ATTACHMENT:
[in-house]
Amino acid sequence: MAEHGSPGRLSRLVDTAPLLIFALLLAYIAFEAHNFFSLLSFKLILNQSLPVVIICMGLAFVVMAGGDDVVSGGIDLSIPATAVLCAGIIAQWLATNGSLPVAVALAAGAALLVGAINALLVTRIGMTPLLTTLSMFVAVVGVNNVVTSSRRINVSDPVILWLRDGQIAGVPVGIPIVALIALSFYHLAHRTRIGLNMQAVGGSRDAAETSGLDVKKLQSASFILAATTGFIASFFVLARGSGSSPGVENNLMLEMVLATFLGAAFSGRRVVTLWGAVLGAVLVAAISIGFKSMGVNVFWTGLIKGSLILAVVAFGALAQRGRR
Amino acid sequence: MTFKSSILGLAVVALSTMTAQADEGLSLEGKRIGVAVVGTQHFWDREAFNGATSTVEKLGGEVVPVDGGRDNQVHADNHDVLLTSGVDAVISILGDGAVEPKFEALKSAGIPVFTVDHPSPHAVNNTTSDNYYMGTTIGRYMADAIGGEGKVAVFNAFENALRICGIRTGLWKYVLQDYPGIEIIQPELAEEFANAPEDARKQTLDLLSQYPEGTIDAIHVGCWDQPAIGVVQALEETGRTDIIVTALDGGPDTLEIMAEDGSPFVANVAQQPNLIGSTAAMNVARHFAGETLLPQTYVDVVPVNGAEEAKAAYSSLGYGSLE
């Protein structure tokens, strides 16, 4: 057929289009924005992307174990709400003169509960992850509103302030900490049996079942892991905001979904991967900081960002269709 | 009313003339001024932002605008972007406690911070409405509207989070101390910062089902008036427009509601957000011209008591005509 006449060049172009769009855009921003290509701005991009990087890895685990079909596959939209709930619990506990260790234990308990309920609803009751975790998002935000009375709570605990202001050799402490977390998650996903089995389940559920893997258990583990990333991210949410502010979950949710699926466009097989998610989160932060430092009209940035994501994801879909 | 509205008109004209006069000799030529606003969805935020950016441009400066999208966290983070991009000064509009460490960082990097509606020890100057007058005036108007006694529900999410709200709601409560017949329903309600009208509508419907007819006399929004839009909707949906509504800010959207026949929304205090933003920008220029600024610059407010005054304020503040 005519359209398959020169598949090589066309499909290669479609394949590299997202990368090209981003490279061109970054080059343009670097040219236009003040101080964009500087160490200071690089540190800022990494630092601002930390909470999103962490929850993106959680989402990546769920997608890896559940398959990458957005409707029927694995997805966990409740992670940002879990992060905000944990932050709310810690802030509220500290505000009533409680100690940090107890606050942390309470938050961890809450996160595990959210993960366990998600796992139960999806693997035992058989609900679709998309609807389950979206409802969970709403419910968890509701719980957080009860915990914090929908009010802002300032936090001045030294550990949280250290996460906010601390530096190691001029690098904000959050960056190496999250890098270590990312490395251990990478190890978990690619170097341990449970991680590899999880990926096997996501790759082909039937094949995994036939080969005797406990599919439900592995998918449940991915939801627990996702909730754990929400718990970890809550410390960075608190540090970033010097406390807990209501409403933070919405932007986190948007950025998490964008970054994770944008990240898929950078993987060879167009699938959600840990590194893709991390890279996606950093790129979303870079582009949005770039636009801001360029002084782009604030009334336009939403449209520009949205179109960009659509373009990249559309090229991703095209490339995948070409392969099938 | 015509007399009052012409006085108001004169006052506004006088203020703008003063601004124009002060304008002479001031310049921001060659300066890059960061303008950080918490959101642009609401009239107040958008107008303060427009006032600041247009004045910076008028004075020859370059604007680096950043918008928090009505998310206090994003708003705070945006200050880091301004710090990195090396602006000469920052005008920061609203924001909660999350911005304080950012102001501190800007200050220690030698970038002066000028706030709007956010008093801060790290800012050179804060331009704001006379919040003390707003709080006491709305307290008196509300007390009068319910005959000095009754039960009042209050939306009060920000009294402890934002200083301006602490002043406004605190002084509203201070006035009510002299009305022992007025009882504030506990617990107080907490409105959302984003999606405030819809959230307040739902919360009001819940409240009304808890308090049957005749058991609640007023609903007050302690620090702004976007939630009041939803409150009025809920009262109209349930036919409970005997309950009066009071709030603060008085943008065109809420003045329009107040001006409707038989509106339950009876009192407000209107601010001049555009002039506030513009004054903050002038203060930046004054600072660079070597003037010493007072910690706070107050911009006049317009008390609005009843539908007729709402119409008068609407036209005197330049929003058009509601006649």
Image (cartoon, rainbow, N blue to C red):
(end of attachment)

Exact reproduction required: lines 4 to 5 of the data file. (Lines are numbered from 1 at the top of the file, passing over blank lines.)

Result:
């Protein structure tokens, strides 16, 4: 057929289009924005992307174990709400003169509960992850509103302030900490049996079942892991905001979904991967900081960002269709 | 009313003339001024932002605008972007406690911070409405509207989070101390910062089902008036427009509601957000011209008591005509 006449060049172009769009855009921003290509701005991009990087890895685990079909596959939209709930619990506990260790234990308990309920609803009751975790998002935000009375709570605990202001050799402490977390998650996903089995389940559920893997258990583990990333991210949410502010979950949710699926466009097989998610989160932060430092009209940035994501994801879909 | 509205008109004209006069000799030529606003969805935020950016441009400066999208966290983070991009000064509009460490960082990097509606020890100057007058005036108007006694529900999410709200709601409560017949329903309600009208509508419907007819006399929004839009909707949906509504800010959207026949929304205090933003920008220029600024610059407010005054304020503040 005519359209398959020169598949090589066309499909290669479609394949590299997202990368090209981003490279061109970054080059343009670097040219236009003040101080964009500087160490200071690089540190800022990494630092601002930390909470999103962490929850993106959680989402990546769920997608890896559940398959990458957005409707029927694995997805966990409740992670940002879990992060905000944990932050709310810690802030509220500290505000009533409680100690940090107890606050942390309470938050961890809450996160595990959210993960366990998600796992139960999806693997035992058989609900679709998309609807389950979206409802969970709403419910968890509701719980957080009860915990914090929908009010802002300032936090001045030294550990949280250290996460906010601390530096190691001029690098904000959050960056190496999250890098270590990312490395251990990478190890978990690619170097341990449970991680590899999880990926096997996501790759082909039937094949995994036939080969005797406990599919439900592995998918449940991915939801627990996702909730754990929400718990970890809550410390960075608190540090970033010097406390807990209501409403933070919405932007986190948007950025998490964008970054994770944008990240898929950078993987060879167009699938959600840990590194893709991390890279996606950093790129979303870079582009949005770039636009801001360029002084782009604030009334336009939403449209520009949205179109960009659509373009990249559309090229991703095209490339995948070409392969099938 | 015509007399009052012409006085108001004169006052506004006088203020703008003063601004124009002060304008002479001031310049921001060659300066890059960061303008950080918490959101642009609401009239107040958008107008303060427009006032600041247009004045910076008028004075020859370059604007680096950043918008928090009505998310206090994003708003705070945006200050880091301004710090990195090396602006000469920052005008920061609203924001909660999350911005304080950012102001501190800007200050220690030698970038002066000028706030709007956010008093801060790290800012050179804060331009704001006379919040003390707003709080006491709305307290008196509300007390009068319910005959000095009754039960009042209050939306009060920000009294402890934002200083301006602490002043406004605190002084509203201070006035009510002299009305022992007025009882504030506990617990107080907490409105959302984003999606405030819809959230307040739902919360009001819940409240009304808890308090049957005749058991609640007023609903007050302690620090702004976007939630009041939803409150009025809920009262109209349930036919409970005997309950009066009071709030603060008085943008065109809420003045329009107040001006409707038989509106339950009876009192407000209107601010001049555009002039506030513009004054903050002038203060930046004054600072660079070597003037010493007072910690706070107050911009006049317009008390609005009843539908007729709402119409008068609407036209005197330049929003058009509601006649």
Image (cartoon, rainbow, N blue to C red):